Andrew Weaver is an unlikely power broker. His Green Party of British Columbia never had more than a single seat in the Canadian province’s parliament, and it got its first campaign bus in this election.
“I always wanted to be a scientist, never a politician,” Weaver, 55, a university professor first elected in 2013, told Global News earlier this month. “When I was really young I asked Santa Claus for books on the ocean. I thought I’d go into marine biology.”
A dramatic election left the Cambridge-trained climatologist wielding the balance of power in the Pacific Coast province that has led growth and job creation in Canada. That could potentially determine the fate of multibillion-dollar energy projects and the outlook for the Vancouver housing market, the nation’s priciest.
Last week, the B.C. Greens won three of the province’s 87 districts, a first for any wing of the Green Party in Canada, while Premier Christy Clark’s Liberal Party fell one short of a majority. It will be the province’s first minority government in 65 years, though recounts by the end of the month could sway the final outcome. Clark, who’s led B.C. for six years, said the result means her new term will be a different one, signaling a willingness to work with the Greens.
Clark, 51, lost no time reaching out. “I’ve had a good relationship working with Dr. Weaver in the past — he’s a smart, thoughtful, reasonable guy,” she said after her tight victory. “Whether it’s a majority or minority, I do intend to work across partisan lines.”
Weaver’s constituents are staunch opponents of controversial energy projects the Liberals backed, including Kinder Morgan Inc.’s Trans Mountain oil pipeline and a Petroliam Nasional Bhd liquefied natural gas terminal — both critical to opening new Asian markets for Canada.
“LNG was nothing but a pipe dream,” Weaver said in his first post-election news conference on Wednesday. “The people of British Columbia have been sold a bill of goods on LNG and, meanwhile, the areas that we should have been investing in have not had attention.”
His opposition carries intellectual heft. Weaver scoured thousands of pages of documentation on Trans Mountain as an intervener in the federal review, and among the more than 600 questions he put to regulators was why Kinder Morgan’s consultants used the drift of a man who fell off a ferry in 1993 to model a potential oil spill.
“In my more than three decades of ocean and climate modeling research, I have never before heard of a person falling out of a ship being used as a data point for model validation,” he wrote in a letter to Prime Minister Justin Trudeau urging him to reject the project.
Only five years ago, Weaver was modeling changes in permafrost, sea ice and carbon dioxide emissions at the University of Victoria, where he contributed to more than 200 scientific papers and helped author the United Nations’ exhaustive review of worldwide scientific evidence that underpinned the Paris global climate treaty.
On the surface, the Greens would appear to align more closely to the opposition New Democratic Party, which trailed the Liberals in only two seats. The NDP has vowed to use “every tool” to thwart Trans Mountain and, like the Greens, wants a housing speculator tax.
But in the province that prides itself for being the birthplace of Greenpeace, Weaver is not the stereotypical anti-capitalist environmentalist. While he confidently argues for higher carbon taxes, he has stressed that businesses should be given some certainty, with the regularity of the increases. That deference to the importance of businesses sets him apart.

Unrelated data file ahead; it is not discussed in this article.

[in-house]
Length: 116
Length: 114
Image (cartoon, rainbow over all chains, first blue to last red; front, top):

“I really worry about the NDP economic plan,” Weaver told Global News days before the poll. “Frankly, they don’t have an economic plan — their plan is how governments retrofit their buildings with union workers. That doesn’t incentivize industry.”
Rachel Curran, a Clark supporter who was policy director for former Conservative prime minister Stephen Harper, says Weaver “is probably one of the best spokespeople and the best faces for the Green Party that I have seen — there is nothing about him that looks or sounds radical.” But Clark and Weaver will find it difficult to reach common ground in the resource sector. “I think this may be the issue on which they eventually part ways.”
The Greens’ platform also calls for steps to cool the housing market, including the introduction of taxes on speculators and on capital gains, a doubling of the levy on foreign buyers to 30 percent, and a property transfer tax of as much as 12 percent, four times the current cap. If enacted, they could crash the Vancouver market at a time when policymakers harbor nagging concerns about a looming crisis.
At least a third of the region’s economic growth last year was driven by real estate and related activities, according to the Business Council of British Columbia.
Weaver refuses to say which party he would support in a potential minority government or coalition — the one red line he’s drawn is that any party seeking his support must agree to ban corporate and union contributions to political parties. In a province dubbed the “Wild West” because it places no limits on campaign donations, the Liberals and NDP jointly raked in million of dollars last year from businesses and unions. In Canada most provinces limit any donation to a few thousand dollars.
In the meantime, the scholarly academic who vows not to become a career politician — he wants all B.C. lawmakers to face a three-term limit — appears to be enjoying himself.
“I feel more relaxed today than I have in several months,” Weaver told reporters Wednesday when asked if he felt under pressure in his abruptly more prominent role. “I know we got here to advance public policy. That’s exciting, that’s not stressful.”
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